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Year in Review: Vital backwater pumps project gets EPA’s blessing

This is part of a series by the staff of The Vicksburg Post looking back at the top stories of 2020.


The Yazoo Backwater pumps, which were a major topic during the 2019 Mississippi River flood, again took a prominent place in 2020 after the Environmental Protection Agency gave its blessing to the project in December.

According to a letter from EPA Region 4 Director Mary Walker to Col. Robert Hilliard, commander of the U.S. Army Corps of Engineers Vicksburg District, the EPA determined the proposed project was not subject to EPA’s 2008 Final Determination, which vetoed a similar project.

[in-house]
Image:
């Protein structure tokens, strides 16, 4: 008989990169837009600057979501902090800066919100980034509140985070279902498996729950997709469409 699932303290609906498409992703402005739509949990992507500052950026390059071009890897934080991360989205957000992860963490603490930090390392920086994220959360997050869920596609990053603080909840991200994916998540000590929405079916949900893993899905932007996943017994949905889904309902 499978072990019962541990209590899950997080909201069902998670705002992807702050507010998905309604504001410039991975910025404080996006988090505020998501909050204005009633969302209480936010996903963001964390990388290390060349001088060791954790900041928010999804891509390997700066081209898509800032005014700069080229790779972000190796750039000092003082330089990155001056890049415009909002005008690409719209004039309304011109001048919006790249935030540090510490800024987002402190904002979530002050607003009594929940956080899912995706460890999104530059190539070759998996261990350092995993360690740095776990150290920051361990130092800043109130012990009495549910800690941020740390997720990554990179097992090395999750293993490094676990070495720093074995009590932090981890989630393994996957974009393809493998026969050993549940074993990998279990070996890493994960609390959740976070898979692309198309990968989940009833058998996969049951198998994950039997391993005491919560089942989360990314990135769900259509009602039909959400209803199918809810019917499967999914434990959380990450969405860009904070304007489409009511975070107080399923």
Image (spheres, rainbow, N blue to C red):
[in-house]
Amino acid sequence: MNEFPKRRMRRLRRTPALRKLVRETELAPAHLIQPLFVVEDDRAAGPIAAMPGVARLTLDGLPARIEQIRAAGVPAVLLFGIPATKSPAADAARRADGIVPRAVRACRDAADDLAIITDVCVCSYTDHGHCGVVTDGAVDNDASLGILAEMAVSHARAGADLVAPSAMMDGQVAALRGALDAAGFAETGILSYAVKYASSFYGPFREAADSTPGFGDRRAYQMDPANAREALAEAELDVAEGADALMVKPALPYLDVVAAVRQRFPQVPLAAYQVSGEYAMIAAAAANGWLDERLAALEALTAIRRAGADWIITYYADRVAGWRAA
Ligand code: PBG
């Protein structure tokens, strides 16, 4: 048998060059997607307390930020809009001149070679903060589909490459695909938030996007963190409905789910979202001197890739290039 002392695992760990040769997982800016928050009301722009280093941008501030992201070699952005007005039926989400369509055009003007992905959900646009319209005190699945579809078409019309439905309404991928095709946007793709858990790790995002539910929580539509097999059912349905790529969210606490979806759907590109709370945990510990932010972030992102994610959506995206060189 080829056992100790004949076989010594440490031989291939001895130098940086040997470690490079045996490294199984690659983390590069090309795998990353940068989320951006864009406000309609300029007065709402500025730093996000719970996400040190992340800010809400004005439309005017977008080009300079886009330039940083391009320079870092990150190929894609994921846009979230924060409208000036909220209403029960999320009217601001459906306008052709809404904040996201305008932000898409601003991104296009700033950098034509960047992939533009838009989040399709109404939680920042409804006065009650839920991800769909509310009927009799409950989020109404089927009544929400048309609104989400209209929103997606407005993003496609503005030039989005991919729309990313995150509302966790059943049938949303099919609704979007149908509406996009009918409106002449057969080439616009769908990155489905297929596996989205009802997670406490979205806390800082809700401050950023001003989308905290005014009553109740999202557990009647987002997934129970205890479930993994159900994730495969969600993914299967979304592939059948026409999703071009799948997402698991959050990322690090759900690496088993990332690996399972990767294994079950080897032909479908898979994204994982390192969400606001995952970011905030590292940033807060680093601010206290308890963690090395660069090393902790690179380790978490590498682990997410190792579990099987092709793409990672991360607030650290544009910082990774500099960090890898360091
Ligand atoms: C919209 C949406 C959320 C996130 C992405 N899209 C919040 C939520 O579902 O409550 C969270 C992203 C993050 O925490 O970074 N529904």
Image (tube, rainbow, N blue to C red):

The proposed plan to install pumps in the Deer Creek area, included in recent reports by the U.S. Army Corps of Engineers, is not the same plan once vetoed by the EPA and thus can proceed without the agency’s objection, according to the letter.

Walker said in the letter the District’s 2020 Draft Supplemental Environmental Impact Statement “provides information and analysis regarding a similar but different Yazoo Pumps Project than was previously analyzed.”

The Corps’ final supplement to its draft environmental impact statement released in October reversed its previous stance that pumping out floodwater would harm wetlands. The reports said pumps would decrease the depth and duration of flooding in the rural Yazoo Backwater Area, and that rainfall would keep this part of the Delta from drying out.

The report’s release followed a lawsuit filed in federal claims court asking the court to force the Corps to install the pumps. 

The pumps were the final piece of the Yazoo Backwater Project authorized by Congress in 1941. The major piece of the project was the Yazoo Backwater Levee, completed in 1978. The EPA vetoed the pumps project in 2008.